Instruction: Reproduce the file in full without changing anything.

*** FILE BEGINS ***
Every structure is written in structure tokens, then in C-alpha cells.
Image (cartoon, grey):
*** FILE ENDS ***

Every structure is written in structure tokens, then in C-alpha cells.
Image (cartoon, grey):